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From The Archives: Integrity of rating agencies called into question


From The Archives

From The Archives: Integrity of rating agencies called into question

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AS THE ECONOMIES of more nations go into recession, one investment analyst has criticised the role of credit rating agencies, particularly in the sub-prime mortgage crisis that triggered the global financial meltdown.

Eric-Vincent Guichard, chief investment officer of Gravitas Capital Investors, a Washington, DC-based investment advisory firm, called into question in a presentation to the 35th Annual General Meeting And Conference of Caribbean Association of Indigenous Banks the impartiality of the ratings given by rating agencies based on how they operated.

“If you keep in mind that people behave according to the systems that they are subjected to, then you have to look at the ratings agencies’ business model,” Guichard said.

Currently there are three dominant international credit ratings agencies – Standard & Poor’s, Moody’s and Fitch – assessing the creditworthiness of companies and countries. Each of the three operate on an “issuer pays” model, which means that the entity issuing the security seeks a rating and pays a fee to be rated by the agency.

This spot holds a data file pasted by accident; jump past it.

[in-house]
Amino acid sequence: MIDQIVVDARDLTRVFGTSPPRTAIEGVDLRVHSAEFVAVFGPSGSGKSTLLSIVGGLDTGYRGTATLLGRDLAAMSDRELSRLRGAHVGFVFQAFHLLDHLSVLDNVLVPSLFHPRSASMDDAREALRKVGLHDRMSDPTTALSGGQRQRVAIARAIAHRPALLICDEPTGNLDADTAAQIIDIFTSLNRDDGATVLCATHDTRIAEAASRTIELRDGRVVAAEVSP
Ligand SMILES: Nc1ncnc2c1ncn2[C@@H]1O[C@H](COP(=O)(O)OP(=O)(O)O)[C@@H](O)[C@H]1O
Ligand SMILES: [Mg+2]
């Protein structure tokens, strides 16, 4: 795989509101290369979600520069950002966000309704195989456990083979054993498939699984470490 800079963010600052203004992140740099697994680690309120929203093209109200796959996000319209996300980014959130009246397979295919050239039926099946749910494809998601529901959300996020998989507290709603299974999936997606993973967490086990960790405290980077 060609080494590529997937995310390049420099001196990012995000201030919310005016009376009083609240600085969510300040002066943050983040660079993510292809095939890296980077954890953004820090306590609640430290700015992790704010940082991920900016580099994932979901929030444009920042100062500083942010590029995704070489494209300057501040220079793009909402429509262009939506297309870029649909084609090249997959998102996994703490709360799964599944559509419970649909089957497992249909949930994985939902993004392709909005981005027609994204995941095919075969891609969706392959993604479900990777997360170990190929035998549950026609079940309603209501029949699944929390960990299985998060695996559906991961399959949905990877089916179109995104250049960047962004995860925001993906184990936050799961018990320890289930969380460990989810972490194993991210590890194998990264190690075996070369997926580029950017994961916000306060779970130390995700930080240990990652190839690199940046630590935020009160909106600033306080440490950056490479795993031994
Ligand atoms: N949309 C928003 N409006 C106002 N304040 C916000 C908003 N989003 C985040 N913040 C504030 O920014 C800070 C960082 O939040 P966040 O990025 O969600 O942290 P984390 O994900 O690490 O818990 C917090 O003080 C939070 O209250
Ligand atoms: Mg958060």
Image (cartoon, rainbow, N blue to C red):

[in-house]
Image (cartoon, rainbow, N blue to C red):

Asking for trouble

But, said Guichard, that was asking for trouble.

Since rating agencies have an interest in being paid by the companies they work for, that could compromise the integrity of the ratings they issue.

“There is an inherent conflict of interest in that business model. The key issue here is: who should be paying for the rating? Should it be the entity that’s trying to sell its bond to the marketplace? The answer is no,” he said.

Instead, suggested the investment analyst, investors should be the ones to pay the ratings agency since they are the ones, ostensibly, who would benefit the most from an accurate and unbiased assessment.

“And how do you get a million, two million people to pay fees when you don’t even know where they are? The exchanges that list companies should be responsible for collecting the funds in order to retain the rating agencies to make those independent assessments. In that case, the rating agencies are not beholden to their clients, they are beholden to the exchange,” Guichard said. (OC)

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